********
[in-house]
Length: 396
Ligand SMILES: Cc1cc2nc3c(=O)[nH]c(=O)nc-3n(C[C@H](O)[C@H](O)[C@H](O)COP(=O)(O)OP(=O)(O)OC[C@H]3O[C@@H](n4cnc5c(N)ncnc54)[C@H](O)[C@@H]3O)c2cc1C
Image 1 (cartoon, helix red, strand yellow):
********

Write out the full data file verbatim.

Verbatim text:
[in-house]
Length: 396
Ligand SMILES: Cc1cc2nc3c(=O)[nH]c(=O)nc-3n(C[C@H](O)[C@H](O)[C@H](O)COP(=O)(O)OP(=O)(O)OC[C@H]3O[C@@H](n4cnc5c(N)ncnc54)[C@H](O)[C@@H]3O)c2cc1C
Image 1 (cartoon, helix red, strand yellow):